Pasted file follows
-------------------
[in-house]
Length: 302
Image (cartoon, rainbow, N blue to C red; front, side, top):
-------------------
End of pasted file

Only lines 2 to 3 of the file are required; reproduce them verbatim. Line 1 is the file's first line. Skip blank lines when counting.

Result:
Length: 302
Image (cartoon, rainbow, N blue to C red; front, side, top):